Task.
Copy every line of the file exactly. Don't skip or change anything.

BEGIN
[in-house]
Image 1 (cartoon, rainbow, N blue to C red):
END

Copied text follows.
[in-house]
Image 1 (cartoon, rainbow, N blue to C red):